I’ve finally crossed the finish line for National Novel Writing Month and it feels good. Well, emotionally I feel excellent, but my body is protesting. My knees hurt and my legs ache and I think my eyes are bleeding (not really, artistic license).
The novel I’ve been working on, which I titled “The Rebel Thief” in a fit of dramatic flair, isn’t complete yet. I think I have about 50,000 more words to go before it’s finished and I’ve already planned out two more books to really take advantage of all of the energies I’ve put into worldbuilding (which have been considering since I’ve made five distinct political systems and civilizations that span the known galaxy).
I looked back at the original synopsis I wrote for the story when I began writing, and it still amazes me what the story has grown into. Here it is:
In a galaxy teeming with guilds of professional hit men, thieves, and mercenaries, Clark stands alone. Known as The Rebel Thief, he scratches out a living stealing identities, running cons, and simple fast-finger work. Clark has been running from a dark past while dodging authorities from the ever-warring Five Great Civilizations.
His past eventually catches up with him in the form of Alex Lumens, his former subordinate and lover. When she barges into his life carrying a shocking secret, Clark realizes that his activities have drawn the ire of one of the biggest guilds of thieves, Temorous Guild.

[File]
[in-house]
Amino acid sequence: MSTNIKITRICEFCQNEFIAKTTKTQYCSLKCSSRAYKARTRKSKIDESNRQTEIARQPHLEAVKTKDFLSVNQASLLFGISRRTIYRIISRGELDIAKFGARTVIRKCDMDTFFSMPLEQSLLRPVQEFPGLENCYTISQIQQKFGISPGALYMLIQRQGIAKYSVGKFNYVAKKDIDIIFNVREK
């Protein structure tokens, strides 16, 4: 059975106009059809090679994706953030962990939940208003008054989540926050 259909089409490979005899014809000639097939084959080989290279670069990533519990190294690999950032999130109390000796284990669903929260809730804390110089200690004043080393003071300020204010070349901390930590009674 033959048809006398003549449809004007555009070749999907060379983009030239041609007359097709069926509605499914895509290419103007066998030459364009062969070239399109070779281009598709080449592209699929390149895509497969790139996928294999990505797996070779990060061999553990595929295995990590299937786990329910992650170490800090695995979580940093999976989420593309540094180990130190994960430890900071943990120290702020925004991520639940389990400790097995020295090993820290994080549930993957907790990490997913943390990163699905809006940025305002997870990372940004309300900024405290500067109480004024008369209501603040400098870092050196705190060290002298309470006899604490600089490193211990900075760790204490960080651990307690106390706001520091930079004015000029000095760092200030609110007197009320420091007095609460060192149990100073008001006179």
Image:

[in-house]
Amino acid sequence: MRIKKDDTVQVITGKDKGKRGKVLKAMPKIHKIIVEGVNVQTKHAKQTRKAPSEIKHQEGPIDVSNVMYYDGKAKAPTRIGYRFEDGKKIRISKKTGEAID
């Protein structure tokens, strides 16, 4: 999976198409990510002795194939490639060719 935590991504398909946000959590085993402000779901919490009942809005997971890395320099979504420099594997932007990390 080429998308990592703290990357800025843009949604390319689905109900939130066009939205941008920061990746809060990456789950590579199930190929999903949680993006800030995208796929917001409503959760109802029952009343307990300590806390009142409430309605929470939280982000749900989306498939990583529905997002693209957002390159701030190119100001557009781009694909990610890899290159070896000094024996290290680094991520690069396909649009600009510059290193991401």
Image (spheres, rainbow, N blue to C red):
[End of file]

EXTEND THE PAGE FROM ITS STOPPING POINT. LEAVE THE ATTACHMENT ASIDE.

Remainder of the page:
To save his own skin and, perhaps, Alex, Clark has to get to the bottom of a conspiracy that could alter the balance of power in the galaxy.
The story only resembles this in basic plot facts: the guilds are there, as well as Alex and her back story. I completely eliminated the last bit about a conspiracy and expanded it into something that’s less like a conspiracy theory but just as mysterious. Temorous Guild is now Temerous Guild because of a typo, but I’m okay with that.
Suffice it to say, however, that this synopsis no longer fits what the story has become and I’m very proud of that. There’s something majestic when you can feel creative energy flowing through you, feeding on the original spark of creation and growing into something much more meaningful than you could have imagined. I just love it when a character starts as a mere sketch on paper and becomes a living being with a psychology that responds naturally to any situation. It got to the point where I could write Clark’s dialogue without thinking.
This is really what I love about writing, apart from the process. The story is alive, in a sense, and the writer is the conduit for that.
Anyway, I’ve got some other things to write for this blog and I’m sure you’ve had enough of my tired philosophical waxing (and waning). I’ll try to participate next year, and who knows? Maybe I’ll write something that isn’t science fiction.